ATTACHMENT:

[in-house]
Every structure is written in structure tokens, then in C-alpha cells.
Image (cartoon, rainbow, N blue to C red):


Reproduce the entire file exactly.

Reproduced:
[in-house]
Every structure is written in structure tokens, then in C-alpha cells.
Image (cartoon, rainbow, N blue to C red):